Mohammad Ehsani agrees. "What I would really like to emphasize is that what differences we seem to have is really between the governments. The same way a lot of Americans don't approve of their government, we have the same situation in Iran. Sometimes the government makes a decision that the majority supports, sometimes they don't.
"I hope Americans realize that a majority of Iranians still hold Americans in a very good light and consider them as their friends and allies and really would welcome a normalization of relations between the two countries."
WHAT LITTLE THAT Americans know about modern-day Iran usually comes through movies, books or food. These venues open windows onto a culture, and a people, much different from our own.
In his recent review of the Iranian film A Time for Drunken Horses, Weekly critic James DiGiovanna wrote of the current wave of Persian movies focused on children: "Iran has produced, in these children's stories for adults, a new genre of cinema, something that hasn't happened since the advent of film noir in the '30s."
DiGiovanna describes this genre as low-budget, human-centered films that are made for adults but star children. The strict standards placed on the use of women in movies, he says, "has encouraged amazing work and creative solutions. The Iranian film industry may not have been aiming at a universal audience (when it made recent movies such as The White Balloon or Children of Heaven), but perhaps it has found one because they are very good at conveying personal tensions across cultural boundaries."
DiGiovanna wonders how long this creative outburst using children can last. He thinks that the next wave of Iranian movies to reach the U.S. will still focus on human relationships, but that liberalization within the country may affect the types of movies we see.
Susan Wrubel, vice-president of acquisitions for New Yorker Films, agrees. She says the current crop of films using children have "stories that are simple and not complicated so everyone can relate to them. But at the same time the films are about more complex issues."
Upcoming Iranian movies, Wrubel says, represent the next wave of Iranian cinema and will be about different issues. Some of the films she listed include the intriguingly titled Smell of Camphor, Fragrance of Jasmine, the interesting-sounding The Day I Became a Woman, and Djomeh, which concerns an Afghan refugee who wants to marry but cannot.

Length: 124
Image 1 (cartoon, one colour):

Several books on the Islamic Republic and the changes it is undergoing have appeared in the last few years. Written by both Iranian-American and U.S. authors, these books look at either Iranians returning to the country of their childhood after a long absence or the slow but dramatic social evolution occurring within Iran now.
Among the former is To See and See Again (Farrar, Straus and Giroux, 1999) by Tara Bahrampour, who split her early years between the U.S. and Persia. She recounts her extended family's difficult transition to permanent settlement in California and her return to Iran to revisit many of the memories of her youth. While emotionally attracted to the slower-paced, more family-oriented lifestyle of Iran, in the end Bahrampour accepts she is more American than Persian in character.
Saffron Sky (Beacon Press, 1999) by Gelareh Asayesh is a similar tale told in more flowery terminology. In it she writes of her family's decision to remain in the U.S. and not return to Iran: "Most of all we stayed, I think, because we had changed, like an animal that, adapting to a new habitat, is no longer suited to the old."
Robin Wright has penned two books about the Islamic Republic. The first, In the Name of God (Simon and Schuster, 1989), is a well-written account of the Khomeini years after the 1979 revolution. This volume clearly spells out why many Iranians consider the United States culpable not only in keeping the shah in power after 1953 but also for seriously damaging their country's attempts to steer its own course since the revolution.
Less successful but still interesting is The Last Great Revolution (Alfred A. Knopf, 2000), which looks at some of the changes that have occurred in Iran since Khomeini's death in 1989. Using scores of personal interviews, Wright covers issues ranging from Iranian family planning to the women's rights movement, and the changing nature of the country's democracy to the future of the Islamic Republic.